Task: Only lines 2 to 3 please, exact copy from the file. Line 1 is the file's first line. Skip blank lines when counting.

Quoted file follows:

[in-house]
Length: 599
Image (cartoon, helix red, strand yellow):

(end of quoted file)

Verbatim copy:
Length: 599
Image (cartoon, helix red, strand yellow):